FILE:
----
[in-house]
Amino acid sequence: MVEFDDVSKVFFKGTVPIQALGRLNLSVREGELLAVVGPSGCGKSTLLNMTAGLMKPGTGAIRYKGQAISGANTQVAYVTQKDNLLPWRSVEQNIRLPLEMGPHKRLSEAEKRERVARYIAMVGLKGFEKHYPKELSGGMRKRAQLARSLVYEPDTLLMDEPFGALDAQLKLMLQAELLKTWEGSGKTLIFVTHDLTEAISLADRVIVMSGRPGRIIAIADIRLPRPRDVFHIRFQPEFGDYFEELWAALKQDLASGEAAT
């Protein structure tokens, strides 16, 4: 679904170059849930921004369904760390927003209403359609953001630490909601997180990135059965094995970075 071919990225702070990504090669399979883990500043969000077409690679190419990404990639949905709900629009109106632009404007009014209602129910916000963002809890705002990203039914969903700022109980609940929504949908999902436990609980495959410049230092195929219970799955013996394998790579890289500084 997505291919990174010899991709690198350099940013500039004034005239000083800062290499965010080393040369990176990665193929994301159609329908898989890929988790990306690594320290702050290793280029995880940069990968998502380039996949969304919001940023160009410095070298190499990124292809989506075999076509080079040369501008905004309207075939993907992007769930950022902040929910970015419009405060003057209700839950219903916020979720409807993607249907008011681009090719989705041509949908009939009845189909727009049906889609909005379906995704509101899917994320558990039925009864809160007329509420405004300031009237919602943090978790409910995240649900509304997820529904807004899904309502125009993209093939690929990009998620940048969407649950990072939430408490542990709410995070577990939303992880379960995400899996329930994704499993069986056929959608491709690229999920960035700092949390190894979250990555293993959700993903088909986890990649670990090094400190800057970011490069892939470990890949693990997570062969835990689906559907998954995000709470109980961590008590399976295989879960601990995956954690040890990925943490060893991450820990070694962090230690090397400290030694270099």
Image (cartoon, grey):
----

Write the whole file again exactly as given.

[in-house]
Amino acid sequence: MVEFDDVSKVFFKGTVPIQALGRLNLSVREGELLAVVGPSGCGKSTLLNMTAGLMKPGTGAIRYKGQAISGANTQVAYVTQKDNLLPWRSVEQNIRLPLEMGPHKRLSEAEKRERVARYIAMVGLKGFEKHYPKELSGGMRKRAQLARSLVYEPDTLLMDEPFGALDAQLKLMLQAELLKTWEGSGKTLIFVTHDLTEAISLADRVIVMSGRPGRIIAIADIRLPRPRDVFHIRFQPEFGDYFEELWAALKQDLASGEAAT
């Protein structure tokens, strides 16, 4: 679904170059849930921004369904760390927003209403359609953001630490909601997180990135059965094995970075 071919990225702070990504090669399979883990500043969000077409690679190419990404990639949905709900629009109106632009404007009014209602129910916000963002809890705002990203039914969903700022109980609940929504949908999902436990609980495959410049230092195929219970799955013996394998790579890289500084 997505291919990174010899991709690198350099940013500039004034005239000083800062290499965010080393040369990176990665193929994301159609329908898989890929988790990306690594320290702050290793280029995880940069990968998502380039996949969304919001940023160009410095070298190499990124292809989506075999076509080079040369501008905004309207075939993907992007769930950022902040929910970015419009405060003057209700839950219903916020979720409807993607249907008011681009090719989705041509949908009939009845189909727009049906889609909005379906995704509101899917994320558990039925009864809160007329509420405004300031009237919602943090978790409910995240649900509304997820529904807004899904309502125009993209093939690929990009998620940048969407649950990072939430408490542990709410995070577990939303992880379960995400899996329930994704499993069986056929959608491709690229999920960035700092949390190894979250990555293993959700993903088909986890990649670990090094400190800057970011490069892939470990890949693990997570062969835990689906559907998954995000709470109980961590008590399976295989879960601990995956954690040890990925943490060893991450820990070694962090230690090397400290030694270099």
Image (cartoon, grey):